For example: when a bidentate ligand such as ethylenediamine attaches to Cu2+ ion through two amino groups and forms a ring structure, it is called a chelating ligand. The resulting complex ion [Cu(NH2CH2CH2NH2)2]2+ or [Cu(en)2]2+ is called a chelate.
The number of ligating groups indicate the denticity of the ligand. Some common examples are :-
(1) Didentate Chelation
The chelating ligand coordinates through two sigma electron pair donor groups.For example: [PtCl2(en)] where en represents the didentate ligand NH2CH2CH2NH2 (ethane-1, 2-diamine or ethylenediamine).
(2) Terdentate Chelation
For example: in the coordination entity [PtCl(dien)]+, dien[N-(2-aminoethyl) ethane-1, 2-diamine] is a terdentate ligand.
(3) Tetradentate Chelation
For example: in [Pt(trien)]2+, trien [N,N’-bis-(2-aminoethyl) ethane-1, 2-diamine] represents a tetradentate ligand.
The monodentate ligands which can coordinate with the central atom through more than one site are called ambidentate ligands. These ligands contain more than one coordinating atoms in their molecules.
M ← 0-N = 0 nitrito or nitrito-O
The ligands in a coordination compound are attached to the central metal ion through coordination bonds. The total number of ligands attached to a central metal ion is called the coordination number of that ion. Coordination number is the number of ligands in the coordination sphere of the complex compound.
For example: The coordination number of central metal ion in different complexes are :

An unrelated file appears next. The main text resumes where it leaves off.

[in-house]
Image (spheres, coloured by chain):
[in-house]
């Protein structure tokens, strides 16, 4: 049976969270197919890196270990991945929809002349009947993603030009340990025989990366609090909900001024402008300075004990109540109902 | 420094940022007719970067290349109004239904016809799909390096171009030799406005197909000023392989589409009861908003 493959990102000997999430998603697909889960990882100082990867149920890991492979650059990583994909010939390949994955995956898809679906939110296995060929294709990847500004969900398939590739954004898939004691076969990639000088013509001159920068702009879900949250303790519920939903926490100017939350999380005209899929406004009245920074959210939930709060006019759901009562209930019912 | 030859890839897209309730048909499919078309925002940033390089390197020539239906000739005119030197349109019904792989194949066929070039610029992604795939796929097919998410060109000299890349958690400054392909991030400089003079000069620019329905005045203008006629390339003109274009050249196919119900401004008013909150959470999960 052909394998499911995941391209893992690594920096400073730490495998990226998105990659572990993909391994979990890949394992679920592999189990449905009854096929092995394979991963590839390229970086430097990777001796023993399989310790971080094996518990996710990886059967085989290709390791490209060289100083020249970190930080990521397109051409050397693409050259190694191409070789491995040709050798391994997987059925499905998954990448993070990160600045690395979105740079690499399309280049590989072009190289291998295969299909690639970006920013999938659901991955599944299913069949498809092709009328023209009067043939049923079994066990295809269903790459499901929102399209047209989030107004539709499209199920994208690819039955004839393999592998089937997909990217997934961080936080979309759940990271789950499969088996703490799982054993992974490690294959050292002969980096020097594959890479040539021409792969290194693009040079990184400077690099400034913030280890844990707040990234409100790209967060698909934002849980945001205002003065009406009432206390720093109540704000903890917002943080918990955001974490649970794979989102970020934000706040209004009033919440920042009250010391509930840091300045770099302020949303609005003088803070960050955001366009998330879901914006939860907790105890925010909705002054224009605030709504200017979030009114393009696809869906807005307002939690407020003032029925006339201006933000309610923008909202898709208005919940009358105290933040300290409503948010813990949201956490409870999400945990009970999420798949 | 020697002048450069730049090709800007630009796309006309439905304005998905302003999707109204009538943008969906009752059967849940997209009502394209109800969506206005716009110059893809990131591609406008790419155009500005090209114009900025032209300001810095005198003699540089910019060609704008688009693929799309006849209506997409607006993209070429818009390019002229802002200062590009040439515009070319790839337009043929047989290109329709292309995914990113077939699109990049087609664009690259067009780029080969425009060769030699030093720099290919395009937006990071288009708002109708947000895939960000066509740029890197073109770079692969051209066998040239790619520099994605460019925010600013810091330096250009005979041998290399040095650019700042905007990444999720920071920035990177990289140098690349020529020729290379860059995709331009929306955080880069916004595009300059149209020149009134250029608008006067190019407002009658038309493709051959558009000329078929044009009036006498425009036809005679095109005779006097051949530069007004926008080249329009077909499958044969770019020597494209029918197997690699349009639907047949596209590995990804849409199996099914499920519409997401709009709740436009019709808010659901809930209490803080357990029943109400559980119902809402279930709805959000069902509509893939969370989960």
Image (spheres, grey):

The molecules or ions present outside the square bracket (coordination sphere) are not counted in the coordination number because these are not bonded through coordinate bonds to the metal ion.
Charge of a Complex ion
The charge carried by a complex ion is the algebraic sum of charges carried by the central ion and the ligands coordinated to it.
Oxidation number or oxidation state of the central metal atom
The oxidation number of the central atom is the charge it would carry if all the ligands are removed along with the electron pairs that are shared with the central atom. For example: the oxidation number of cobalt in [Co(NH3)6]3+ is +3. Oxidation number is represented by a Roman numeral in parenthesis.
Calculation of oxidation number of central metal atom in a complex
(1) Knowing the charge of the complex ion, we can calculate the oxidation number of the central metal atom.
(2) The oxidation number of the central metal atom is assumed to be x and the oxidation number of all other species are substituted.
(3) The sum of the oxidation numbers is equated to the total charge of the complex and the value of x is calculated.
Coordination polyhedron is the spatial arrangement of the ligand atoms which are directly attached to the central atom.
Homoleptic and Heteroleptic Complexes
Complexes in which the metal is bound to only one kind of donor groups are called homoleptic complexes.
For example: [Ni(NH3)6]3+, [Co(NH3)6]3+,[Fe(CN)6]4- are homoleptic complexes.
The complexes in which the metal is bound to more than one kind of donor groups are called heteroleptic complexes. Examples of heteroleptic complexes are [NiCl2(H2O)4], [CoCl2(NH3)4]+ etc.